By Stephen C. Berkwitz
Many researchers have explored the influence of British and French Orientalism within the reinterpretations of Buddhism in South and Southeast Asia in the course of the 19th and early 20th centuries. much less spotted, although, and sometimes mentioned is the effect of Portuguese colonialists and missionaries upon Buddhist groups within the 16th and 17th centuries throughout Asia. Stephen C. Berkwitz addresses this subject via studying 5 poetic works via Alagiyavanna Mukaveti (b.1552), a popular Sinhala poet who participated without delay within the convergence of neighborhood and trans-local cultures in early sleek Sri Lanka. Berkwitz follows the written works of the poet from his place within the courtroom of a Sinhala king, during the cultural upheavals of war and the growth of colonial rule, and at last to his eventual conversion to Catholicism and employment lower than the Portuguese Crown. In so doing, Berkwitz explores the variations in faith and literature rendered through what used to be arguably the earliest sustained stumble upon among Asian Buddhists and ecu colonialists in global history.
Alagiyavanna's poetic works provide expression to either a discourse of nostalgia for the neighborhood spiritual and cultural order within the past due 16th century, and a discourse of cultural assimilation with the recent colonial order in the course of its ascendancy within the early 17th century. using an interdisciplinary process that mixes Buddhist stories, background, Literary feedback, and Postcolonial experiences, this publication yields very important insights into how the colonial adventure contributed to the transformation of Buddhist tradition in early modernity.
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Extra info for Buddhist Poetry and Colonialism: Alagiyavanna and the Portuguese in Sri Lanka
Like his previous work, Kusa Jātaka K āvya relates a poetic account of one of the Bodhisattva’s previous lives, and thus it serves in part to extol the greatness of the being who went on to become the Buddha. A distinguishing mark of this work is its 30 bu ddhis t p oe t r y a nd col oni a l ism relative disinterest in inserting purely descriptive verses full of aesthetic conventions and poetic sentiments. Instead, Kusa Jātaka K āvya devotes more attention to the content of the story and its sequence of events.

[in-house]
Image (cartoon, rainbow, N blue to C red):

However, the Portuguese army was surrounded and completely routed by the Kandyans at the Battle of Gannoruva. The remaining Portuguese in the maritime areas thereafter had to contend with an alliance between Rājasiṃha II and the Dutch that was forged to expel the Portuguese from the island and win concessions for Dutch traders. In 1656, the Colombo Buddhist Literary Culture in Early Modern Ceilão 25 fort fell to a Dutch siege, and the last Portuguese presence on the island was removed in 1658 when Jaﬀna also fell.
Instead, most of the early Sinhala sandēśas narrate a story in which a bird is sent to deliver a message to a deity or a similarly virtuous ﬁgure and invoke blessings of protection and prosperity for the king. The importance of regal ﬁgures in these works invites the The Aesthetics of Power and The Cock’s Message 35 insertion of eulogistic verses, further reinforcing the close ties between culture and power in premodern Sinhala society. Yet these poems still trace a clear and identiﬁable route along the countryside, utilizing local geographical knowledge to provide a familiar and attractive setting.